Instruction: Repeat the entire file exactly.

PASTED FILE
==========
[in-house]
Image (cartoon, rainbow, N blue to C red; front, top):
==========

[in-house]
Image (cartoon, rainbow, N blue to C red; front, top):